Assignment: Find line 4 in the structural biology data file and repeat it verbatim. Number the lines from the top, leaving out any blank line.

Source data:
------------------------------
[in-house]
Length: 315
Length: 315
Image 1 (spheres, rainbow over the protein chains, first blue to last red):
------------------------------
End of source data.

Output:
Image 1 (spheres, rainbow over the protein chains, first blue to last red):